- Check out their DOT number. All licensed movers are required to display this number on their website and in their ads. You can enter that number on the FMSCA website to see the company’s information, including their licensing info, crash reports, and whether there is a pending insurance cancellation against the company, which can indicate deeper troubles.
- Check their social media accounts. Angry customers often leave comments on a company’s Twitter, Facebook, and Instagram properties. You’ll want to take some of these with a grain of salt. What you’re really looking for are patterns. Are people reporting the same problems again and again? Does the company respond professionally to these complaints? If the company doesn’t have social media properties, try Googling the company name with the word “complaints” and see what you find.
- Search the Better Business Bureau’s website. Check out the company’s rating and whether any complaints have been filed.
You also may want to consider working with a company that’s been certified by the industry’s top associations. The American Moving & Storage Association (AMSA) offers a ProMover certification. Additionally, companies may affiliate themselves with organizations such as the International Association of Movers (IAM) and the International Shippers Association (ISA). If a company has taken the time to get certified or join one of these organizations, they’re likely a legitimate company committed to professionalism.
Finally, although this might seem like a lot of work, let’s remember what’s at stake: You’re going to trust the handling and safety of your possessions to a moving company—possibly for a few hours for a local move or a few weeks, in the case of relocation. When you thoroughly research, you’ll feel secure in trusting your moving company with your most important personal possessions.
5. Ask About Insurance Options
We’ve heard recent reports from the FMSCA that some disreputable movers have told unsuspecting consumers that they don’t have to pay for insurance. Instead, all goods will be covered by the carrier’s insurance.
Unfortunately, this isn’t the full truth. The FMSCA requires all moving companies to offer two choices when it comes to protecting your move:
1. Full Replacement Value Protection
If something happens to your possessions during transit, this protection covers your items for the cost of full replacement or repair. You should be given the option to add this coverage on top of your moving quote.
2. Released Value Protection
This is minimal coverage that’s included in every move. Under Released Value Protection, your moving company assumes liability for no more than 60 cents per pound per article. This might sound reasonable, but let’s walk through an example so you can understand the difference in coverage.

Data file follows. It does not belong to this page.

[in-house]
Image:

Let’s say the worst happens and your mover damages your sectional couch, which you bought for $1,200. It weighs 476 pounds in total.
Under Released Value Protection, you’d receive:
476 x $0.60 = $285.60
However, under Full Replacement Value Protection, you’d be compensated for the full replacement or repair to the couch’s original state.
Given these differences, you can see the extra layer of protection that Full Replacement Value Coverage offers. Consider your options carefully before making a final decision.
Finally, any reputable moving company should explain these plans to you. If they don’t or seem reluctant to discuss moving coverage, you might consider looking elsewhere.
6. Never Sign Blank or Incomplete Documents
In the hustle and bustle of Moving Day, it may be tempting to sign documents without reading them carefully. Incorrect documents can create serious problems, including under-valuation and under-insurance of your shipment.
Resist the temptation, and make sure you both review and understand every document you sign.
You’ll also want to watch out for requests to sign documents with blanks or incomplete information. This can give unscrupulous movers the ability to alter documents after the fact, without your knowledge.
However, there is one exception: If you’re working with a non-binding estimate, the actual weight of your shipment may be blank until the weigh-in is complete.
If you have any questions about what you’re signing, don’t hesitate to ask. A few questions upfront can save you a ton of trouble down the line.
Awareness is 90% of the Battle
Unfortunately, moving scams do happen, and they hit their victims hard. After all, what’s more personal than our personal possessions? However, by using the six points above as a checklist, you’ll know exactly what to expect of your moving company. When they meet—or even exceed—these standards, you’ll know you’ve found someone who’s professional and reputable, someone who will treat your possessions with the utmost care.
Moving locally on Guam or relocating off-island? We’d be happy to help! (And feel free to put us through this six-point checklist!) Just reach out to us for a quote, and we’ll send a Certified Moving Consultant to do an in-home survey. Additionally, because we own all of our own trucks and our warehouse on Guam, we can guarantee that we’ll keep your household goods safe and secure during your move.